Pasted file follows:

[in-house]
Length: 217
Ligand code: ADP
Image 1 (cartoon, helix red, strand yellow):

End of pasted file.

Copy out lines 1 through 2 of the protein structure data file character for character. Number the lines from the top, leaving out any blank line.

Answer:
[in-house]
Length: 217